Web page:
Last April we passed our first unannounced audit under the strict IFS Food and BRCGS Food quality and food safety standards.
The BRCGS (British Retail Consortium Global Standard, founded in 1996 under the name of BRC) and IFS (International Featured Standard, founded in 2003 as International Food Standard) standards are internationally recognized food quality and safety certifications, covered by the Global Initiative Food Safety (GFSI).
Although, initially, both standards were developed by the distribution chains (Anglo-Saxon in the case of BRC, Franco-German, in the case of IFS) to establish the approval criteria for their suppliers in order to guarantee the maximum level of protection customers and consumers, they are currently used by the entire food sector as a reference for quality and food safety. In fact, both BRCGS and IFS have developed new protocols applicable to non-food companies, such as companies dedicated to logistics activities (eg IFS Logistics, BRCGS Storage and Distribution) and packaging manufacturing (eg IFS PACsecure, BRCGS Packaging materials). These new protocols are often used in turn by companies in the agri-food sector to evaluate their suppliers.
The global recognition of the IFS and BRCGS brands is due to the rigor of the evaluation process, training of the team of auditors and their high demand in aspects related to:
- Commitment of the management team
- HACCP food safety plan
- Food safety and quality management system
- Standards relating to facilities and equipment
- Product and process control
- Staff Requirements
Currently, these regulations contemplate the possibility of overcoming unannounced audits, as one more step in the transparency of organizations.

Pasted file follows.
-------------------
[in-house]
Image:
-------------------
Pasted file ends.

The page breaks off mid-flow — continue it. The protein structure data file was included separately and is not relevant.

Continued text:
These are audits in which the audit team shows up unannounced at the facilities and must be allowed immediate access to proceed with the evaluation of all the requirements.
After more than 15 years since the first BRCGS audit and 10 years since the first IFS audit, we have a solid system, with a long history, which has been consolidating all the normative and regulatory changes, as well as the expectations, needs and requirements of our stakeholders.
During this period, a culture of quality and food safety has been forged, key to getting people involved in their work, with a sense of belonging to the organization and motivated to achieve the objectives of the management system.
The recent passing of the unannounced audit confirms the internalization of the requirements in our way of working and encourages us to continue striving every day to continue advancing on the path of continuous improvement.
Article written by:
Quality and sustainability Manager